Devastating news out of California has many people here in Michigan asking for stricter underage drinking laws, especially in cases of teenagers getting behind the wheel and driving afterwards.
In order for Michigan authorities to arrest a person for DUI or other related offenses, they must first have reason to suspect that a person is driving drunk. In some cases, as we have discussed before, police discover an intoxicated driver as a result of a traffic stop. In other cases, police become aware of a driver after receiving calls from civilians. In many situations, DUI charges result.
A Michigan man from Marion faces a multitude of criminal charges, including DUI, after he allegedly led police on a chase recently. The man was initially reported driving the wrong way on a road in Montcalm County. Police, who were apparently alerted to a possible DUI, said they located the man driving erratically, prompting them to initiate a traffic stop.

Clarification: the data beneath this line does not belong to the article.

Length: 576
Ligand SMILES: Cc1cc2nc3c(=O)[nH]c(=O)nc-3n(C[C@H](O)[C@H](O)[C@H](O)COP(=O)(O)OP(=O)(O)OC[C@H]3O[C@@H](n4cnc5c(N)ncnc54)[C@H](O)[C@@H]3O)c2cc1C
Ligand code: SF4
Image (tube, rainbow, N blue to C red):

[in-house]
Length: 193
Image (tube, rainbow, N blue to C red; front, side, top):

Last week I posted about the Michigan "super drunk" law that defines a higher level of drunkenness as a blood alcohol level of 0.17 percent. Under the drunk driving laws in our state, a blood alcohol level of 0.17 percent or greater can face harsher penalties than those whose BAC is under that threshold.